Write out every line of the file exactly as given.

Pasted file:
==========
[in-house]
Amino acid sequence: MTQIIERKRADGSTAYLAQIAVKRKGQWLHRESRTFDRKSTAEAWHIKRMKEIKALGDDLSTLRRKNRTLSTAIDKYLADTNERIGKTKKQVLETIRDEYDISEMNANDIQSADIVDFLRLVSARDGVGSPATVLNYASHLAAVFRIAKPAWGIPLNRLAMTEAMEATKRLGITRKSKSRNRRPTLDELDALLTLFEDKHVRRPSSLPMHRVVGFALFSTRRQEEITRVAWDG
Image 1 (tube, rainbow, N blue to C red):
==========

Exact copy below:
[in-house]
Amino acid sequence: MTQIIERKRADGSTAYLAQIAVKRKGQWLHRESRTFDRKSTAEAWHIKRMKEIKALGDDLSTLRRKNRTLSTAIDKYLADTNERIGKTKKQVLETIRDEYDISEMNANDIQSADIVDFLRLVSARDGVGSPATVLNYASHLAAVFRIAKPAWGIPLNRLAMTEAMEATKRLGITRKSKSRNRRPTLDELDALLTLFEDKHVRRPSSLPMHRVVGFALFSTRRQEEITRVAWDG
Image 1 (tube, rainbow, N blue to C red):